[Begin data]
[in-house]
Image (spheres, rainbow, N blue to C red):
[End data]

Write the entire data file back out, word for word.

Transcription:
[in-house]
Image (spheres, rainbow, N blue to C red):